Justice is supposed to be blind. Investigators should not be.

Any real investigation worthy of a professional law enforcement agency must consider the facts. And if racial biases or stereotypes played a part in what happened on Feb. 26, that’s a fact.

Communities of color and disadvantage know too well that some people who say they are color blind really mean they only see in one direction – conveniently overlooking how race and attitudes about race affect so many things. There’s a big difference between not seeing race and seeing what you want to see. When Lee says he’s being color blind, it’s time to bring in outside eyes.

It’s welcome news that federal, state and local law enforcement and a grand jury are looking over the shoulder of the police. Their inquiries need to be as much about the killing of Trayvon as the official response, including any departures from standard procedure in a homicide, and the professionalism and possible biases of Sanford police.

Justice demands at least that much.

Just as troubling, by announcing there is no evidence to dispute shooter George Zimmerman’s account that he was acting in self-defense, it appears Lee may have already made up his mind. If Lee has indeed finished his assessment, he must tell us what led to his conclusion. Lee needs to explain how a man armed with a gun and weighing about 80 pounds more than an unarmed teenager came to fear for his life – so much so that it was necessary to shoot and kill Trayvon in order to protect himself.

And if authorities are still investigating Trayvon’s killing, Sandford Police Chief Lee should stop commenting on the case. Announcing conclusions before all the questions are answered, at a minimum, is premature and superficial. Telling part of the story – making conclusions in public – isn’t answering questions, it’s raising them.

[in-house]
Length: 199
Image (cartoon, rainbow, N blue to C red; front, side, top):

All the questions raised by this tragic shooting must be answered: fairly, accurately, and with justice in mind.

Private Prison Disaster Averted (for now)

Julie Ebenstein
Policy and Advocacy Counsel, ACLU of Florida

Yesterday, the Florida Senate averted disaster by voting down (on a 19-21) a proposal to create the largest private prison system in America. The plan would have turned over nearly 30 Florida correctional facilities to private, for-profit companies, which have would run the prisons under contract with the state.

Florida operates the third-largest prison system in the United States, a $2.2 billion-a-year enterprise overseeing nearly 101,000 inmates and another 112,800 on community supervision. The prison population has nearly quadrupled since harsh sentencing laws were passed in the 1980s – Florida incarcerated just 26,471 people in 1980.

Florida’s prison system needs reform, but private prisons aren’t reform – they deform the process by linking corporate profit to incarceration.

Last week I joined a group of national criminal justice experts for a press conference in the Capitol to tell lawmakers that if they want to save money, they should reform mandatory minimum sentencing, invest in re-entry programs and re-visit parole policies that feed the addiction to incarceration. Maybe they heard us.

Privatization schemes, often coupled with inflated claims of cost savings, distract policymakers from an inescapable truth: The best way to reduce prison spending is to reduce the number of people we imprison.

For more on the problematic incentives injected into incarceration by the profit motive, see Banking on Bondage: Private Prisons and Mass Incarceration, the ACLU’s recent, comprehensive report on the private prison industry.

Also check out this opinion piece in the Palm Beach Post by the ACLU National Prison Project’s David Shapiro. David was one of the experts who joined me at last week’s press conference and his article ran yesterday, the day of the successful Senate vote.